Build Your Financial Stability in 2021
According to the Federal Reserve Bank of New York’s 2021 first-quarter report on Household Debt and Credit, the total U.S. household debt in the first quarter of 2021 reached $14.64 trillion, an increase of 0.6 percent or $85 billion from the fourth quarter of 2020. This represents an increase of $499 billion from the end of 2019.
Significantly, credit card debt balances dropped by $49 billion from the fourth quarter of 2020, the lowest quarterly fall since 1999. This is lower by $157 billion compared to the end of 2019.
Balances on auto loans showed a quarterly increase of $8 billion. Originations of loans and leases reached $153 billion. Newly originated auto loans had a median credit score of 720 and only 15 percent of borrowers had credit scores below 620, the lowest percentage on record.
Home mortgage balances reached $10.16 trillion, showing a quarterly increase of $117 billion. Of these, $1.14 trillion were newly originated mortgages with a median credit score of 788. A record-breaking 73 percent of borrowers had credit scores over 760. There were 11,000 foreclosures, a record low since 1999.
Balances on student loans saw a quarterly increase of $29 billion and reached $1.58 trillion. According to NerdWallet, based on May 2021 census data, 43 million Americans or one in eight adults have student loan debt. Those from 35 to 49 years old owe a total of more than $600 billion in student loans.
Debt management is crucial to achieving financial stability. As seen in the data, having a high credit score is now essential to qualify for mortgage loans such as Federal Housing Administration (FHA) loans to purchase a home or for an auto loan to buy a car. A higher credit score also qualifies the borrower for lower loan interest rates. Credit scores are likewise used by landlords to assess applicants for rental properties.
According to the Average Credit Score in America: 2021 Report by The Ascent, the average credit score in the U.S. is 711 based on FICO scores. The report states that lenders use FICO more often over VantageScore in making decisions.
FICO rates scores of 300 to 579 as poor, 580 to 669 as fair, 670 to 739 as good, 740 to 799 as very good, and 800 to 850 as exceptional. The current average credit score of 711 is, therefore, good.
FICO computes credit scores based on several factors. A history of paying creditors on time weighs 35 percent. The utilization rate, or the total amount of credit used over total credit limits, weighs 30 percent. A lower utilization rate is better. The length of credit history weighs 15 percent. A longer time is better. The number of applications for new credit weighs 10 percent. Less is better. The mix of credit types used, such as credit cards, mortgage loans, auto loans, and more, weighs ten percent. A higher mix is better.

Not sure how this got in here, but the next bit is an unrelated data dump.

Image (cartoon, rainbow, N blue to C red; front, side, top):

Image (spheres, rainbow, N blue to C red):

To boost the credit score, choose a credit card with the lowest interest rates or zero interest rates. Maintain only one credit card. If you have several, transfer the balances to the card with the lowest interest rate. Do not close your other credit cards because they will help lengthen your credit history. Keep them active but use them for small amounts that you pay in full when they fall due. Keep your credit use to only 30 percent of your credit limit and always pay in full. This means spending only what you can afford within your disposable monthly income.
For full financial stability, debt management is not enough. It is also vital to build up savings. If you intend to buy a house or a car with a loan, you will still need cash for a down payment and loan closing costs. You will also need a buffer for maintenance costs and emergency needs. Those who have jobs must aim to save the equivalent of six months’ salary as a buffer against possible unemployment. This is apart from saving for retirement.
People working from home during the pandemic are saving on the cost of transportation to and from work, as well as eating at work and having to buy clothes and grooming products. They can funnel all these into savings.
Creating a budget and making budget cuts wherever possible is a good way to put aside money. Stop any subscriptions that are infrequently used. Cut down on online shopping and food deliveries. Now that fully vaccinated people can go out more freely and many restaurants and bars are open, resist the temptation to eat out or go out for drinks often. It is much cheaper to cook and make cocktails at home.
Staying in good financial standing opens up opportunities that further create wealth, such as homeownership. Property values increase over time, and this is a solid investment. Having stable finances will also give you peace of mind.